Executive Function: Our air traffic control system
Executive functions are a set of cognitive processes that help us to manage our behaviors and achieve our goals.
Currently, weaknesses in executive functions are not considered a learning disability or disorder. However, most kids with ADHD and some with learning disorders do have difficulties with executive functions, and these issues can greatly impact a child's ability to learn in school, socialize with peers, and participate in family activities.
Some of the main areas of executive weakness involve working memory, flexible thinking, and self-control. Kids with these difficulties may have difficulty paying attention, staying organized, finishing tasks, and regulating their behavior and emotions.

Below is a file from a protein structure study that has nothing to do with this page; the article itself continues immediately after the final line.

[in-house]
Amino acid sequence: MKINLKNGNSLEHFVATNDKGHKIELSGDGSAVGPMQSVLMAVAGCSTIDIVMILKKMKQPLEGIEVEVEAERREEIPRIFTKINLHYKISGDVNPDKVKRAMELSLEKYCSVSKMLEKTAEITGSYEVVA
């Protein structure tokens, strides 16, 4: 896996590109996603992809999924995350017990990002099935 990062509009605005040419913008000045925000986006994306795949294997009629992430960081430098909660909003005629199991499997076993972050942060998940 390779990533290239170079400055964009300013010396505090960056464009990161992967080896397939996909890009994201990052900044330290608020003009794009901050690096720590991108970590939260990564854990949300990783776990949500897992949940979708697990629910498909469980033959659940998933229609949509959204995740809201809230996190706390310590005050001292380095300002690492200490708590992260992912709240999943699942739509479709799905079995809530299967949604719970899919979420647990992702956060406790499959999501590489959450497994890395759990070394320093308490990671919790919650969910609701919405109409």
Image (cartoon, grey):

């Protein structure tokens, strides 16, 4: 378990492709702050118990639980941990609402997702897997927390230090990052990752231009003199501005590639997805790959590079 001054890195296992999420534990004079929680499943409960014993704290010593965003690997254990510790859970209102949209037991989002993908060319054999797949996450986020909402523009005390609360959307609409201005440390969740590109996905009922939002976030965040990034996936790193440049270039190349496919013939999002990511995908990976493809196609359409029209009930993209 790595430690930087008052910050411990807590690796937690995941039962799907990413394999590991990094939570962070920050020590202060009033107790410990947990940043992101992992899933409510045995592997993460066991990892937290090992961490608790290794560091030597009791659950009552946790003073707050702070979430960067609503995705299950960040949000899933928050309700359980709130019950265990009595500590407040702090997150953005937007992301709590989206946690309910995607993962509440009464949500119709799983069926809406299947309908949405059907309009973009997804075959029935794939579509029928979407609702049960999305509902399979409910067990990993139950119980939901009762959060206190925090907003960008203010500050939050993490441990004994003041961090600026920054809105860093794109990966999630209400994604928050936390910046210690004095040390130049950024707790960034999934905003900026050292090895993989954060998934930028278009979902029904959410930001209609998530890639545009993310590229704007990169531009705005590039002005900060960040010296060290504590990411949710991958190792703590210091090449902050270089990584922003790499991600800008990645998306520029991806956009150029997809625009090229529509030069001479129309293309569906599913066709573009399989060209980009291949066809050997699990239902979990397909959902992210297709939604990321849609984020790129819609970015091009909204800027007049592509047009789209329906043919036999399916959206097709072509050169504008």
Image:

While we don't know all the reasons why these issues occur in some kids, imaging studies have shown that slower development of the brain's frontal lobe may be a contributing factor. If a child is displaying executive function deficits, a comprehensive neuropsychological evaluation can help caregivers understand the exact areas of weakness and lay the groundwork for an IEP or 504 plan for academic supports and accommodations. Executive function coaching can also be helpful in building and refining skills to help with organization and self-management.